The Tell-Tale Heart
The Tell-Tale Heart
By Edgar Allan Poe
1] TRUE!-nervous-very, very dreadfully nervous I had been and am; but why will you say that I am mad? The disease had sharpened my senses-not destroyed-not dulled them. Above all was the sense of hearing acute. I heard all things in the heaven and in the earth. I heard many things in hell. How, then, am I mad? Hearken! and observe how healthily-how calmly I can tell you the whole story.
2] It is impossible to say how first the idea entered my brain; but once conceived, it haunted me day and night. Object there was none. Passion there was none. I loved the old man. He had never wronged me. He had never given me insult. For his gold I had no desire. I think it was his eye! yes, it was this! He had the eye of a vulture-a pale blue eye, with a film over it. Whenever it fell upon me, my blood ran cold; and so by degrees-very gradually-I made up my mind to take the life of the old man, and thus rid myself of the eye forever.
3] Now this is the point. You fancy me mad. Madmen know nothing. But you should have seen me. You should have seen how wisely I proceeded-with what caution-with what foresight-with what dissimulation I went to work! I was never kinder to the old man than during the whole week before I killed him. And every night, about midnight, I turned the latch of his door and opened it-oh so gently! And then, when I had made an opening sufficient for my head, I put in a dark lantern, all closed, closed, so that no light shone out, and then I thrust in my head. Oh, you would have laughed to see how cunningly I thrust it in! I moved it slowly-very, very slowly, so that I might not disturb the old man's sleep. It took me an hour to place my whole head within the opening so far that I could see him as he lay upon his bed. Ha!-would a madman have been so wise as this? And then, when my head was well in the room, I undid the lantern cautiously-oh, so cautiously-cautiously (for the hinges creaked)-I undid it just so much that a single thin ray fell upon the vulture eye. And this I did for seven long nights-every night just at midnight-but I found the eye always closed; and so it was impossible to do the work; for it was not the old man who vexed me, but his Evil Eye. And every morning, when the day broke, I went boldly into the chamber, and spoke courageously to him, calling him by name in a hearty tone, and inquiring how he has passed the night. So you see he would have been a very profound old man, indeed, to suspect that every night, just at twelve, I looked in upon him while he slept.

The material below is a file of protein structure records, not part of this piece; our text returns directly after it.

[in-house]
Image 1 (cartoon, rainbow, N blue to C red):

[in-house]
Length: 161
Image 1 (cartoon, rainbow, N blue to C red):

4] Upon the eighth night I was more than usually cautious in opening the door. A watch's minute hand moves more quickly than did mine. Never before that night had I felt the extent of my own powers-of my sagacity. I could scarcely contain my feelings of triumph. To think that there I was, opening the door, little by little, and he not even to dream of my secret deeds or thoughts. I...